This is what happens when I get behind in blogging: we go somewhere or do something and it takes me over a week to write about it. In this particular case, I had convinced my husband to make a stop at Verrill Farm in Concord after we made a trip out to the DeCordova Museum since we had Columbus Day off. In the ten years I've lived in Massachusetts - and despite the number of times we've driven near it going back and forth to Clinton - we have never actually stopped in to check out the farm. They had rebuilt the entire place after a fire destroyed the farm last year, so since we were in the area we stopped by to see what it was like inside.
The store and bakery is cute and reminds me a little of Russo's in Watertown, although it's not nearly as big. There's a whole range of fresh produce - most of it homegrown - including tomatoes, winter squash, kale, herbs, cucumbers, kohlrabi, and more.
I managed to find a nice little pumpkin to carve into. (Note to self: try not to look so irritated whenever your husband takes photographs of you.)
I had already done the grocery shopping for the next few days (meaning, I didn't know we were going to the farm) so I didn't really "need" anything there, but I couldn't resist their homegrown brussel sprouts. And as I started to select some, a nice man came by with a load of freshly picked stock to replenish the stash.
They have a bakery and a deli (and they do catering too), so we were enticed by the aromas of fresh pastries. I saw these and thought that it would be a good combination for scones.
They had tons of squash and pumpkins and mums outside the store. Some were a little odd looking, like these large greenish ones.
So what do you do with so much fresh produce in the fall? Roast 'em! For dinner that night, I made us pork chops and topped them with some sauteed onions. And on the side we had roasted brussel sprouts, butternut squash, and potatoes.
Is it weird that one of my most favorite smells is the smell of sauteeing onions?? I love how the smell fills the kitchen every time I make them. They're so deliciously easy to do: take one large onion (usually go for the sweeter kinds, especially Vidalias when they are in season), cut it in half, then cut into thin strips. Melt 1/2 a stick of butter (I know, I didn't say it was non/low fat!) in a non-stick pan over medium heat. Add the onion, sprinkle with salt and pepper. Let it cook for about 3-4 minutes before stirring. Then stir every few minutes as needed. It should start to turn brown in color and smell good. You can turn the heat down to low and just stir once in a while until they are nicely limp and very caramelly brown in color. Serve and enjoy.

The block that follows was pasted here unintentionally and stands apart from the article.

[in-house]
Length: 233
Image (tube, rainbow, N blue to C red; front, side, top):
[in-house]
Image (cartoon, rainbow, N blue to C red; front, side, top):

I find roasting vegetables, especially a huge tray of them like this, is the easiest and simplest way to enjoy them. Cut the vegetables into equal sized pieces, drizzle with olive oil, sprinkle with a little bit of sea salt and black pepper, then stick it in a 425 degree oven for 40-50 minutes (depending on how large the pieces are). You may want to stir or flip them half way through the process but it's generally a no-brainer way of cooking them.
I have to say, we dined like kings that night. The pork chops were so nice and thick and I luckily didn't overcook them.
I started out by rubbing them with a little bit of olive oil and then seasoning them with sea salt, black pepper, dried basil, and dried oregano on both sides. Place them into a nonstick pan heated on medium heat. Let them cook for about 4 minutes on each side (just to brown them), then put a piece of foil on top of the entire pan and transfer it to a 450 degree oven. (Make sure that your pan doesn't have any plastic parts.) I kept them in the oven for about 12 mintues since they were on the thicker side (our internal thermometer that could go inside the oven broke unfortunately). Remove from the oven and keep the foil on as you let them rest for about 8-10 minutes. This is a good time to plate everything else up and get the vino pouring.
Serve to a hungry husband and smile as it disappears. :)